I Have Read That Certain Cardiac Medications Are Less Effective In Women Than In Men. Is This True?

Dr. Bairey-Merz answers the question: 'Efficacy Of Heart Meds In Men Vs. Women?'

— -- Question: I have read that certain cardiac medications are less effective in women than in men. Is this true?

Answer: There is some data to show that men and women are physiologically different with regard to how they express heart disease and how they respond to some of our heart disease treatments. That said, when we look at our uniform standard practice guidelines for treatment of heart disease in men and women, women are always better off being treated according to guidelines.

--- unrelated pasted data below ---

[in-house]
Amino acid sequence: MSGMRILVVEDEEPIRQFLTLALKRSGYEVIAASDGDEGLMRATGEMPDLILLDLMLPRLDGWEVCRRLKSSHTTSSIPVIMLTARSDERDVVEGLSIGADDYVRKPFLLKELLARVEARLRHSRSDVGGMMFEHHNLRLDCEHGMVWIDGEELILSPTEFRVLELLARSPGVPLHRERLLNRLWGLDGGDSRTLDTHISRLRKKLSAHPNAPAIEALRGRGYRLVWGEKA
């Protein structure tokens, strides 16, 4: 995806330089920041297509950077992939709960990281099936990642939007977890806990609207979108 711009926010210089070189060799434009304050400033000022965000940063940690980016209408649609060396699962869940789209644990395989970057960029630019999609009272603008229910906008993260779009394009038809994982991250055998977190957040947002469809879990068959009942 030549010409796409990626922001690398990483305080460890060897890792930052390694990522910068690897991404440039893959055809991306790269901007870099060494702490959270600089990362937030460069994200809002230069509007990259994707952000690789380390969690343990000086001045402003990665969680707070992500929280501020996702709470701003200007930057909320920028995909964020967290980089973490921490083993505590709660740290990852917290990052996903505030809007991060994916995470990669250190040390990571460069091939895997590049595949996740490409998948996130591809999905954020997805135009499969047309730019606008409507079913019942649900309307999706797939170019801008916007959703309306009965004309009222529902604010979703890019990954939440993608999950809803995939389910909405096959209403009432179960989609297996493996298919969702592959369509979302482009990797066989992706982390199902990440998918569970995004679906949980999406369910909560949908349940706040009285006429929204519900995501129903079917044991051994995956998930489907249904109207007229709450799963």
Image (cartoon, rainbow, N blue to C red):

And this would typically involve, say for a heart attack survivor, a women would want to make sure that she's on a low dose aspirin regimen, that she's on one of the statin cholesterol-lowering pills, and that she's taking one of the ace-inhibitor pills as well as a beta blocker. These four medications work well in women and men, and can reduce the chances of a recurrent heart attack by as much as 90 percent.

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